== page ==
K. J. Bagnall

Writer. Editor. Illustrator. Mental Health Activist. Christian.

The Real Perpetrator Behind Mental Health Stigma

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Stigma. We’ve all heard of it, we all know it’s there, we all know it is one of the biggest battles facing mental illness sufferers. But where does this stigma come from? Who is to blame, and what can we do to fight it?

A while ago I was lying in my bed, thinking about everything, as anxious people tend to do. And I started to wonder why everyone I knew affected by mental illness only came into my life in the last few years. It made me wonder: did these people spontaneously come into existence after my mum got sick? Probably not.

But if they always existed, what stopped me from meeting them? What stopped me from knowing they struggled with mental illness, from knowing that their loved one was ill?

I knew of people who had struggled with cancer, so why not mental illness? Stigma. Stigma stopped people from sharing their circumstances. Sufferers and their loved ones feared others’ reactions, and feared their own reality.

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But, scary as mental illness is, it is no scarier than any other disease. So what is the root of this fear?

The Hidden Enemy: Ignorance

Ignorance. Ignorance is mental illness’ biggest enemy. It ensnares the general population, the sufferers, and those who care for sufferers and love them.

What is it?

To start, we need to consider what ignorance is, and what causes it. The trusty Oxford dictionary defines ignorant as “uninformed about or unaware of [something]”. My eye was then drawn to the next word on the page: ignore, which is defined as “[to] disregard intentionally; [to] fail to consider something significant”.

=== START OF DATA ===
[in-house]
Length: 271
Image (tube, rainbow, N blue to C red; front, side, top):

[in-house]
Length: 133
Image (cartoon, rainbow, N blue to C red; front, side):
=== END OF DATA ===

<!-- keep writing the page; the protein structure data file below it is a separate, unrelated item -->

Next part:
Ignorance is a lack of understanding, leading to a lack of action. Ignoring also leads to a lack of action. So as you go back to your daily lives this morning, remember this: if we don’t seek understanding, nothing will change; if we don’t act on understanding, nothing will change.

Birth of Stigma

Ignorance ensnares the general population through stigma. Stigma is born from ignorance, from centuries of no communication, from decades of miscommunication. But I believe we of this generation, we have the power and the opportunity to break free from this.

Stigma isolates people. Isolation aggravates mental illness conditions and delays treatment. You may not act with stigma, but unless you visibly act against stigma, people will assume the worst.

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When my mum became sick I didn’t ask for help, because I didn’t know who was safe to ask. I didn’t know how people would respond. I didn’t know if they’d respond at all.

Three-fold Problem

The general population doesn’t understand mental illness because they’ve never been taught. On top of that, the sufferers themselves don’t understand because they’ve never been taught either.

Ignorance in Sufferers

Ignorance ensnares the sufferers, cutting them off from help. Doctors and people can fail to notice sufferers of mental illness. Typically, to get proper attention and care, a sufferer either realises what is happening, or experiences a crisis. Too many are in the latter category, my mum included.

Why is this? Because they don’t know. Sufferers are not born with knowledge about mental illness. They need to be taught. To catch future sufferers we need to teach everyone — early. Growing up ignorant in an ignorant society, sufferers often don’t recognise their symptoms until too late.